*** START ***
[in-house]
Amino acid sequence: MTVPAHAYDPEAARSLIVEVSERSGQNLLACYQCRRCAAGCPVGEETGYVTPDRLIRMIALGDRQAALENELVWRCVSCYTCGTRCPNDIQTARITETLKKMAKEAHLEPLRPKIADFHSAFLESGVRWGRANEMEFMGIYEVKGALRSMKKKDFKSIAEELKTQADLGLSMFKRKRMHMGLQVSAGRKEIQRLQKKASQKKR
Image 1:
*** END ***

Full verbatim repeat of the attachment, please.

[in-house]
Amino acid sequence: MTVPAHAYDPEAARSLIVEVSERSGQNLLACYQCRRCAAGCPVGEETGYVTPDRLIRMIALGDRQAALENELVWRCVSCYTCGTRCPNDIQTARITETLKKMAKEAHLEPLRPKIADFHSAFLESGVRWGRANEMEFMGIYEVKGALRSMKKKDFKSIAEELKTQADLGLSMFKRKRMHMGLQVSAGRKEIQRLQKKASQKKR
Image 1: